“We’ve never had a guy this tall who could jump like this. This guy is flat out scary!” When someone describes a basketball player in such reverential tones, you know he is something special. But when the person saying it is hoops legend Charles Barkley, and the player being described is NBA superstar Dwight Howard, there is no choice but to admit you are witnessing a performance that no other big-man in history could ever accomplish. And at that point, in the 2008 Slam Dunk Contest, the 6-foot-11-inch Orlando Magic center had not even unleashed his signature dunk, draped in the iconic red “S” and cape from the legendary comic book hero, which would compel NBA fans worldwide to refer to him as “Superman.”
But unlike the movie franchise featuring the DC Comics superhero, D. Howard’s sequels after that fabled All-Star Game weekend were even better. Later that year, alongside fellow NBA superstars like Kobe Bryant and Lebron James, he helped bring USA basketball back to its former glory by winning a gold medal at the 2008 Beijing Olympics. “Representing the United States was like a dream come true,” he says. “It was bigger than just playing basketball for me. I was playing for my whole country. We worked on that goal for four years of trying to win the gold medal; and to see our team from day one to the gold medal was a great journey.” Dwight followed up those achievements with a third-act that was arguably his most impressive feat thus far, as he led the Magic to its first NBA Finals appearance in almost 15 years. “Playing on the big stage in the Finals. That is amazing! People don’t understand it. It’s like a totally different world because the whole world is watching!"
Howard is both a throwback to the historic NBA centers of old and a prototype for a whole new kind of big-man. “I’ve always wanted to be Wilt Chamberlain,” he admits. “He’s like my all-time favorite basketball player.” Unlike many of the current NBA big men, who rely on finesse moves and perimeter shooting, Dwight—much like The Big Dipper (Chamberlain) once did—thrives in the paint, throwing down dunks and gobbling up rebounds by the dozens. The reigning NBA Defensive Player of the Year has also made it a habit of instilling fear in opposing players who even think of going to the hole for a dunk or lay up. However, he is strikingly different from many of the classic big-men because he is blessed with the athleticism and leaping ability of a guard, which he has continued to put on display on the big stage since forgoing college to jump straight to the pros.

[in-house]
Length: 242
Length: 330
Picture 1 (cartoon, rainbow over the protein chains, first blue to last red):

It’s difficult to fathom that as a 15-year-old high schooler, Howard possessed none of these qualities. He was shorter than many of his peers and had only modest leaping ability. “Back when I was growing up, they said I had an old man’s game. Before I had the hops, I used to never dunk. I always used the glass.” But then he did something not even the comic book Superman can do. “I went from 5’8” to 6’3” to 6’9” in one year. I would go to church and people would say, ‘Yo, are you on stilts? ’Cause last Sunday, you wasn’t this tall!’ ” Right in the middle of that growth spurt, he broke his leg and was in a cast for six weeks, but responded to that injury more like the X-Men’s Wolverine than the Man of Steel. “It was crazy. After I broke my leg, when I was in the cast, I grew two inches, and when I got out of the cast, I was jumping out of the gym!” But even after that growth spurt, he wasn’t yet ready to embrace his newfound physical gifts and become a dominant big-man. “I actually played point guard and I wanted to be like Magic [Johnson], a 6-foot-10-inch point guard. Eleventh grade is really when I became a power forward and center. But even then, I was one of the secondary point guards on the team.”